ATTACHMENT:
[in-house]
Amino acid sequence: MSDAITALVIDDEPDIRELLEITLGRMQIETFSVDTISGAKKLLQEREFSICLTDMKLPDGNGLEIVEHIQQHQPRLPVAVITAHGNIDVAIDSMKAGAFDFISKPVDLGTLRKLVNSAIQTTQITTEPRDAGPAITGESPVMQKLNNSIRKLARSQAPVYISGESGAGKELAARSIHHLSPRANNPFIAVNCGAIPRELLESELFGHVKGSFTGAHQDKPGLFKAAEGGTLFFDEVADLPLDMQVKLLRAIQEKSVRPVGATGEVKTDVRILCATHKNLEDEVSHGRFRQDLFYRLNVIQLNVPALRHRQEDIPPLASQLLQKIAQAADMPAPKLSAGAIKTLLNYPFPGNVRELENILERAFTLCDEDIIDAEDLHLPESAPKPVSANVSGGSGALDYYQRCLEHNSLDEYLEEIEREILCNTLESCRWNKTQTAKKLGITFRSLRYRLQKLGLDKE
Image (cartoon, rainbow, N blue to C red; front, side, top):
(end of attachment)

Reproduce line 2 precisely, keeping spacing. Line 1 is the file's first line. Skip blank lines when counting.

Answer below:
Amino acid sequence: MSDAITALVIDDEPDIRELLEITLGRMQIETFSVDTISGAKKLLQEREFSICLTDMKLPDGNGLEIVEHIQQHQPRLPVAVITAHGNIDVAIDSMKAGAFDFISKPVDLGTLRKLVNSAIQTTQITTEPRDAGPAITGESPVMQKLNNSIRKLARSQAPVYISGESGAGKELAARSIHHLSPRANNPFIAVNCGAIPRELLESELFGHVKGSFTGAHQDKPGLFKAAEGGTLFFDEVADLPLDMQVKLLRAIQEKSVRPVGATGEVKTDVRILCATHKNLEDEVSHGRFRQDLFYRLNVIQLNVPALRHRQEDIPPLASQLLQKIAQAADMPAPKLSAGAIKTLLNYPFPGNVRELENILERAFTLCDEDIIDAEDLHLPESAPKPVSANVSGGSGALDYYQRCLEHNSLDEYLEEIEREILCNTLESCRWNKTQTAKKLGITFRSLRYRLQKLGLDKE